Not all recipes you try from a blog/book/cookery-show turn out to be tasty. I lately tried a Roasted gram Chutney recipe from a book and it turned out to something that tasted like Asian paints exterior emulsion . That’s the downside of hunting and trying out unknown recipes, especially if it did not include any elaborate pictorial instructions. In such cases, I better skip making the recipe or postpone the idea of trying it. However, there are recipes that exist in magazines and books that run to just 2 lines, but the resulting taste will be yummy-licious, just like this Carrot Chutney recipe !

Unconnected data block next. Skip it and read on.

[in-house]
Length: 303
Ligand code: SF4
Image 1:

When my siblings and I used to be younger,Amma makes Biryani very rarely. When it comes to making biriyani at home, the whole family gets together in the kitchen, everybody pretending to help mom . Mom starts by dictating a big list of ingredients, while the sister writes them on a lonngggg sheet of paper. When the father makes a big fuss in going to the market or the stores on other days, he gets ready almost immediately on this particular day knowing the menu. He kick starts his bike, waiting for the complete list and the market bag. He then returns with at least half the market stuffed into a sack bag, buying all and other items that were not in the list too! Mutton, Chicken, Biryani rice, Onions, Tomatoes, Chilies, Cashews, Coconuts, Banana Leaves, Mint leaves, Coriander leaves, Chicken-65 masala, ice creams, betal leaves etc etc and etcetera. My work will be to extract the milk from the coconut…..isk-isk…isk-iskk….squeezing out the freshly ground coconut milk from the cloth strainer as if I’m milking some cow. Those days, the only kitchen work done perfectly my sister is, cutting onions . So she cuts and sets the onion raita ready. While mom will be busy making the special meal, dad will be busy reading the newspaper so seriously as if he had to write an exam in next few minutes . The two younger ones, the brother and sister will be busy fighting for the TV remote . By the time the hot hot Mutton Dum Biryani, Mutton gravy and Chicken-65 gets ready, it’ll be around 2 pm, which by then, the two little devils will get tired of fighting and will come to terms to watch one TV channel and dad will fall asleep over the newspaper . But then, when their nostrils sniff the approaching aroma of the flavorful Biryani, everybody automatically comes and sits for the lunch. So that’s how our Biriyaani weekend goes .